Wee Thump Joshua Tree Wilderness
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With an area of 6,050 acres, Wee Thump Joshua Tree Wilderness is a place of breathtaking panoramas and natural history. This wilderness is characterized by gentle slopes and an impressive expanse of old-growth Joshua trees. In Paiute language, Wee Thump means "ancient ones." On average, Joshua trees grow only a half-inch per year. Many of the trees in this wilderness are more than 30 feet tall and could be more than 900 years old, making them some of the oldest and largest Joshua trees in the world.

Silence is common throughout these gentle slopes. Infrequent visitor use and the ability to lose oneself in the maze of Joshua trees result in outstanding opportunities for solitude. Although the wilderness is bordered by dirt roads and a highway, the majority of the area is characterized by long periods of natural quiet.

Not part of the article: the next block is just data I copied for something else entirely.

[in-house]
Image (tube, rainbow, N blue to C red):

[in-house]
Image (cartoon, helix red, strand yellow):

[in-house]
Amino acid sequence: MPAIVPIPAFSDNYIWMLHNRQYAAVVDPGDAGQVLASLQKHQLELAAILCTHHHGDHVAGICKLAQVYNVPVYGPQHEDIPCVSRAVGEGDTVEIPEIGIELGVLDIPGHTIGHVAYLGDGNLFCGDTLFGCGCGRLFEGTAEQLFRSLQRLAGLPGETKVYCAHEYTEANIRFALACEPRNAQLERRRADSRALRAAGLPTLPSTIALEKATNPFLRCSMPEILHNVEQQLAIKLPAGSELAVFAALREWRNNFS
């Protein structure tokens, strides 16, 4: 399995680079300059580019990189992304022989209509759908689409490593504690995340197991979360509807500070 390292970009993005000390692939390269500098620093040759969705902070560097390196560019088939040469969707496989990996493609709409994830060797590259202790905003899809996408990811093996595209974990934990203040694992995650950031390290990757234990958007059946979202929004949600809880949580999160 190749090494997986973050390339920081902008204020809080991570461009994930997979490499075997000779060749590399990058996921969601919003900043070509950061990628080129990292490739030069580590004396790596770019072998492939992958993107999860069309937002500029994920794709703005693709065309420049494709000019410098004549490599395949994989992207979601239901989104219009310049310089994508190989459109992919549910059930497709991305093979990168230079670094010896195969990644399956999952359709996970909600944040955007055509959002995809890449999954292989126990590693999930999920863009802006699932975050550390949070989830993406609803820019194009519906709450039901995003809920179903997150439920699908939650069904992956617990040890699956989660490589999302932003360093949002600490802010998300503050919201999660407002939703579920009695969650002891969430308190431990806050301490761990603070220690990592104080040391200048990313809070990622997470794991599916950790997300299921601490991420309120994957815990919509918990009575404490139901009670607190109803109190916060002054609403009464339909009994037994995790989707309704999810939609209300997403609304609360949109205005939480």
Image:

This is a great place to get out of the car and stretch your legs among the "ancient ones" on the Joshua Tree Trail. Grab your binoculars to take in the sights and sounds of one of southern Nevada's best birding spots.


Wee Thump Joshua Tree Wilderness lies on the gently sloping bajada, and is southeast of the nearby South McCullough Wilderness. The gently sloping alluvia deposits are comprised of un-sorted sand, gravel and cobbles. The soils is composed of the broken-down metamorphic rock of the McCullough Range.

Flora and Fauna

The landscape ranges from 4,000 to 5,000 feet in elevation and displays a thriving forest of Joshua trees. Other plants that can be found in this area include blackbrush, Mojave yucca, buckhorn cholla, creosote bush, white bursage, banana yucca, bunch grass, matted cholla, and prickly pear cactus.

Gilded flicker (known to occur in Nevada only in this location), northern flicker, ladder-backed woodpecker, black-throated woodpecker, black-throated sparrow, red-tailed hawk, crissal thrasher, golden eagle, loggerhead shrike, cactus wren, desert tortoise, desert bighorn sheep, coyote, desert cottontail, black-tailed jackrabbit, valley pocket gopher and desert woodrats can be glimpsed in this wilderness.

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Last updated: 12-27-2012